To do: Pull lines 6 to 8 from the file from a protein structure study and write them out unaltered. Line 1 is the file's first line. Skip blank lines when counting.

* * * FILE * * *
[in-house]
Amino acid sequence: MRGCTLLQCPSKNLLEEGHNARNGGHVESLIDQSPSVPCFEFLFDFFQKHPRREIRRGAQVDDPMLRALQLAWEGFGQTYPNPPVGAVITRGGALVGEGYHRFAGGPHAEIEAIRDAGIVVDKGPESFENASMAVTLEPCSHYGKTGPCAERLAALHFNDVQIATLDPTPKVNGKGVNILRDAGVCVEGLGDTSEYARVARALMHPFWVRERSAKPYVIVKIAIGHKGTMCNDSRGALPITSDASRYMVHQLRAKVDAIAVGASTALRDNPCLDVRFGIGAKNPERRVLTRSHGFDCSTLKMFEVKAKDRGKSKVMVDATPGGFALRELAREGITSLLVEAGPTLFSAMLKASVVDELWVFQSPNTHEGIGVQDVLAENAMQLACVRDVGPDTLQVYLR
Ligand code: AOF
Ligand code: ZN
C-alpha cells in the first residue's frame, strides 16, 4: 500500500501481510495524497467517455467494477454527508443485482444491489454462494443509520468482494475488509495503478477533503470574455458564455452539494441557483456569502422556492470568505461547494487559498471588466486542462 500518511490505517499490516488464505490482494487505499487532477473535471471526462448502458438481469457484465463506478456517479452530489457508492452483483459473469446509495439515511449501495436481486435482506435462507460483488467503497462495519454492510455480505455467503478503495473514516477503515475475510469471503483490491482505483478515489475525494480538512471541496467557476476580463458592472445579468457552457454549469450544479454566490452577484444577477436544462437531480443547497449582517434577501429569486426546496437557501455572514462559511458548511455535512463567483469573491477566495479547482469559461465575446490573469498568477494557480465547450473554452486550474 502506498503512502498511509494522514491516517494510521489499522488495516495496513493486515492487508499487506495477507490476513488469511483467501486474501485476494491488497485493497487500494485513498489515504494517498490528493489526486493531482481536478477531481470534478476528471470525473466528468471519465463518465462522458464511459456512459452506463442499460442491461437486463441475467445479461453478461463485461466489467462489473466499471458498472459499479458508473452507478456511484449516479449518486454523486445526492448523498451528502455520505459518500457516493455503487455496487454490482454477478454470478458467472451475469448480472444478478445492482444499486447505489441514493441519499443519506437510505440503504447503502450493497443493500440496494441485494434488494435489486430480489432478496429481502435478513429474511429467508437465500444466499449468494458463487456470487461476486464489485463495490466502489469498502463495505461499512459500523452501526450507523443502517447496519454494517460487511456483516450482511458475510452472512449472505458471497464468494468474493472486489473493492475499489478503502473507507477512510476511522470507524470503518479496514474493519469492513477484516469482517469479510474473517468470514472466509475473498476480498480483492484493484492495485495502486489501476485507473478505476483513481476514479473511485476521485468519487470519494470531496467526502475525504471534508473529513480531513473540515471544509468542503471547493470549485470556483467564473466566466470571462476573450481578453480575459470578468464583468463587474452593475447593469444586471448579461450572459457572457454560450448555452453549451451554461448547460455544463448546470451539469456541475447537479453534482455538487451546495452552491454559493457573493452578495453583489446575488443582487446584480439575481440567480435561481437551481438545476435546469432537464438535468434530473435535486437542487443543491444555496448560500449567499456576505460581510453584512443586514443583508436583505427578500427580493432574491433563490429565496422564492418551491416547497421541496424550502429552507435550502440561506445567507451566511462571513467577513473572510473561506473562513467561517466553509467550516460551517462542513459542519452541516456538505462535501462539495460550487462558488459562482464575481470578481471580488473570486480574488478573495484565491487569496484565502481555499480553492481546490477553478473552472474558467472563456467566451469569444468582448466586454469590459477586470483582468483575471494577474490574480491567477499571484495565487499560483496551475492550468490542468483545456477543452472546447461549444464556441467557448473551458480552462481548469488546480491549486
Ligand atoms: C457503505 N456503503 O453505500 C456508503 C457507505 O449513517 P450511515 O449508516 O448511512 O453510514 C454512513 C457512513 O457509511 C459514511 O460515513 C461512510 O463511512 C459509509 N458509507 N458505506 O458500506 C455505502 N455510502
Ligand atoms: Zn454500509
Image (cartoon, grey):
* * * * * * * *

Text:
Ligand atoms: C457503505 N456503503 O453505500 C456508503 C457507505 O449513517 P450511515 O449508516 O448511512 O453510514 C454512513 C457512513 O457509511 C459514511 O460515513 C461512510 O463511512 C459509509 N458509507 N458505506 O458500506 C455505502 N455510502
Ligand atoms: Zn454500509
Image (cartoon, grey):